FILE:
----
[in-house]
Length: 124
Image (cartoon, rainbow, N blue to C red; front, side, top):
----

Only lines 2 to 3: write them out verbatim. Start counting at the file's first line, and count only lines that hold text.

Length: 124
Image (cartoon, rainbow, N blue to C red; front, side, top):